Some might argue this is what we have obviously been doing anyway. But that's not how it started.

Back in April 2006, John Reid, then defence secretary, wrote to me and some other journalists, saying "our mission is firmly centred on the reconstruction effort and UK forces are there to protect this progress... our forces will defend themselves if attacked".

We are nailing national colours to the mast with a counter-insurgency - but many British soldiers and officials are worried by the possibility that a large part of the rebellion in Helmand, for example, is itself a local reaction to the dangerous presence of foreign troops rather than something directed by "al Qaeda head office".

There's plenty of other detail in the paper, for example about building up the capacity of the Afghan government. The Brits also deserve some credit for putting more flesh on the bones of a counter narcotics plan than President Obama did. But ultimately it isn't really clear whether Britain is prepared to shut down the opium farmers of Helmand, thereby swelling the ranks of Nato's enemies.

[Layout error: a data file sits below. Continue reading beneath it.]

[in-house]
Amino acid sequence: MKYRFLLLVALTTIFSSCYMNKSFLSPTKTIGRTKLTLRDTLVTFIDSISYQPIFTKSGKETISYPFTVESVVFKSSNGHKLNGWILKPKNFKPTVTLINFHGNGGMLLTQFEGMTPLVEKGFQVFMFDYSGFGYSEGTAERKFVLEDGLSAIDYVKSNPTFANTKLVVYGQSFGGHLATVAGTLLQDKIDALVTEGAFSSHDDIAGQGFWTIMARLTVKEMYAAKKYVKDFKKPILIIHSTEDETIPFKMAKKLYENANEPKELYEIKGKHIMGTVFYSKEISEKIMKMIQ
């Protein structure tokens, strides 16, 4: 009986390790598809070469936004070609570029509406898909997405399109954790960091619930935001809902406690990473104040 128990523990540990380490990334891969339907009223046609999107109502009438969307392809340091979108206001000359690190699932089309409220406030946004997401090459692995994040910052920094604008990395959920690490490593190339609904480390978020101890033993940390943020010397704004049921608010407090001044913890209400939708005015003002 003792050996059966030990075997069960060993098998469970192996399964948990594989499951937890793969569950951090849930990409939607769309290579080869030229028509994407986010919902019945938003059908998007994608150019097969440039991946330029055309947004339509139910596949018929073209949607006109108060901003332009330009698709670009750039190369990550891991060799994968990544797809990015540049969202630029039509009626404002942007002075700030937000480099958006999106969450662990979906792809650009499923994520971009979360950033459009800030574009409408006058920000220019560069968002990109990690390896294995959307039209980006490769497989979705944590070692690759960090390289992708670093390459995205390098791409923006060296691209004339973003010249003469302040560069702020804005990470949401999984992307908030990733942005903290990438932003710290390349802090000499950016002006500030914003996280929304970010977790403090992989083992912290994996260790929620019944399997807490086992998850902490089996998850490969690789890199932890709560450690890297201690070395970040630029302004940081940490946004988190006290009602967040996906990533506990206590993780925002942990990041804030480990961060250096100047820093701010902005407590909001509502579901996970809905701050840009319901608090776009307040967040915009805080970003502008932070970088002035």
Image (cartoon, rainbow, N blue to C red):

Britain's strategy is "comprehensive" alright. But is it defining broader aims than even the US would, only with the UK's lesser resources?

Towards a common language

Mark Urban | 17:44 UK time, Monday, 27 April 2009

President Mahmoud Ahmadinejad's remarks over the weekend that he will leave it up to the Palestinians whether they negotiate a peace deal with Israel had generated much comment across the Middle East. The Iranian president told the US ABC network: "We are not going to determine anything. Whatever decision [the Palestinians] take, we will support that."

Some American media have interpreted this as de facto Iranian acceptance of a two state solution to the Israeli-Palestinian conflict. Given some of Mr Ahmadinejad's previous rhetoric that would indeed mark a policy shift of considerable importance.